But if you avoid breaking things up into files, the opposite problem becomes apparent. I can do the equivalent of a small Java class (let’s say something around 50-80 lines) in about 6 to 10 lines of Erlang. But 10 lines of erlang is too small for a separate file. So I’ll add the next 10 line packet of functionality to the same file. By the time I’m up to 4 or 5 packets that would be handled as different classes in Java or Python I may have written only about 50 lines of code … but it’s all running together!

There’s no higher level of organization to distinguish and separate the code. In Python I often put 5 or 6 small-medium classes in a single file or around 300-500 lines. But the indentation and editor make these reasonably distinct and identifiable. In contrast, my equivalent 200 lines of Erlang have no visual cues to break them up. I can’t use functions as a visual element because pretty much every line is a new function (except when I’m doing I/O, which has its own “issues”).

I’m left with using comments but my editor (Komodo), excellent in many ways, doesn’t actually know Erlang and so doesn’t colour them differently. And, in general, because functions are powerful, they *are* short : one or two lines. But those lines are typically much denser than Python. Even if a dedicated editor would colourize them, I’m not convinced that’s such a big win at this density. On the other hand, I don’t want to artificially scatter them out into multiple lines. I’m not trying to recreate Python with a slightly less appropriate syntax. I want to take advantage of Erlang’s power and conciseness.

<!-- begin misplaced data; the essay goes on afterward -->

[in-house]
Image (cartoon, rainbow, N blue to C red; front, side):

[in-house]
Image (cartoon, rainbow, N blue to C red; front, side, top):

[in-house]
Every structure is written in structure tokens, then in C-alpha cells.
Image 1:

But I wonder what the right aesthetics for a language as high level, dense and abstract as Erlang is. Haskell looks cleaner to me – maybe because it does abstract data-types right. But can it solve the problem of organizing your larger-scale things? Lisp is no role-model. ML and its offspring have always repelled me visually. (Nothing can be more ugly, dispiriting and patronizing in a programming language than an explicit “begin” statement.)

Suggestions, anyone?

@adrianh suggests looking more at Parrot Compiler Toolkit … which is very cool.

I’m finding that language design is hard. Not just the implementation part (although that’s hard too) … but just figuring out how to make a syntax that allows all the things you’d expect to be done in an elegant way.

I’m starting to appreciate how clever certain common design patterns are in language design, and how hard it is to deviate from them. More on this soon …